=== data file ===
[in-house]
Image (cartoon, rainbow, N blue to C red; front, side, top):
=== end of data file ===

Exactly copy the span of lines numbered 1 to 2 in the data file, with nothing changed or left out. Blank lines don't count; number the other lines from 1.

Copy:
[in-house]
Image (cartoon, rainbow, N blue to C red; front, side, top):